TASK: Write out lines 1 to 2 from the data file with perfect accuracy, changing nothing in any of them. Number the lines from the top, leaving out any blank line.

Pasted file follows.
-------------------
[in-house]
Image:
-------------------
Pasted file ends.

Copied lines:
[in-house]
Image: